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11 Responses

  1. Joe
    Joe July 16, 2011 at 6:26 am | | Reply

    When I can, I inject in public. I get nary a look, thankfully.

  2. Jana
    Jana July 16, 2011 at 8:20 am | | Reply

    Renee might also want to check out the “diabetes etiquette for people who don’t have diabetes” cards from the Behavioral Diabetes Institute (http://behavioraldiabetesinstitute.org/resources-diabetes-information-publications-etiquettecard.html). If it’s too tough to start a conversation with the unsupportive family/mother cold, the card could be a good conversation starter.

    #5 is “Don’t look so horrified when I check my blood sugars or give myself an injection. It is not a lot of fun for me either. Checking blood sugars and taking medications are things I must do to manage diabetes well. If I have to hide while I do so, it makes it much harder for me.”

  3. Jennifer
    Jennifer July 16, 2011 at 8:30 am | | Reply

    SERIOUSLY?
    This make me sooo mad that a FAMILY member would ask you to do this. Hubs is diabitic as is my mother in law and insulin taking is something that’s just done. Hubs has ALWAYS in our own home taken insulin where he is and has felt awkward at times when we are out. Diabetes is awkward ENOUGH without having to worry about how people react to you taking your shot. That’s just wrog.

  4. Mary Dexter
    Mary Dexter July 16, 2011 at 9:21 am | | Reply

    Yes, this behavior is hurtful, and especially painful coming from those we should be able to trust: our family, friends, and colleagues. If we all had a dime for every comment, diabetes research would be fully funded. But it stems from ignorance, and widespread and outdated misinformation. The solution is to be very visible in the ways we deal with diabetes and to explain again and again and again. After 7 years of LADA, my husband and daughter get it, 98% of the time. My family are getting better, but we get together infrequently and what they seem to learn is often forgotten by the next visit. My instinct is to hide even more, not to bother them, to protect myself; but because we are blood, they need to know. It’s the demon in the darkness that frightens us the most; turn on a light and the world is less scary.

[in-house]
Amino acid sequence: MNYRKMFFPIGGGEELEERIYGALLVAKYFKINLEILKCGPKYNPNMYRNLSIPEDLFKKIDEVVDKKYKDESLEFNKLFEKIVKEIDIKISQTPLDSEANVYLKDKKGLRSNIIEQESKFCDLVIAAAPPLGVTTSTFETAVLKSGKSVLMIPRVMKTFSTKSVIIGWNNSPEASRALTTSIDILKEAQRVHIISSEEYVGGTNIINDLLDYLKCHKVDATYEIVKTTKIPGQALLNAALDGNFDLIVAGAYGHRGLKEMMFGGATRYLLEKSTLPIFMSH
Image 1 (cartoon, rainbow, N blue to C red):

5. Hans
    Hans July 16, 2011 at 12:47 pm | | Reply

    My almost 3 years young granddaughter has been helping me with my injections ever since she could sit and put a little hand on the diapen (automatic gadget). And she insists on opa’s bare belly pulling the shirt out of my trousers when I attempt to shoot through the shirt with more company than just the family at the table. And sure she also helps me with my finger pricking. – I’ve heard of people like Renee’s mom, but so far they’ve all been lucky not to have met with me yet ;-)

  6. Sysy
    Sysy July 16, 2011 at 5:00 pm | | Reply

    Loved your response to the first question. I totally agree and feel for this person. I’d feel quite hurt if my family treated me this way :(

    As for the pump, that may be true, but I do rather well with my very inconsistent schedule of activity, sleeping and eating (due to my twin 2 year olds that I stay home with all day) and shots and lower than average carb meals do the trick for me. So I’d say the pump thing is relative. But the best way to find out is to try the pump! Then you know for sure if you benefit well from it or not and if you do, you win!

  7. Richard
    Richard July 17, 2011 at 4:56 am | | Reply

    I worked the nighshift for a few months last year. My biggest problem wasn’t so much the fact that it was the night shift, but that made it for little consistency. I have always found that consistent patterns throughout the week for eating, sleeping and exercising was very helpful in keeping my Diabetes regulated.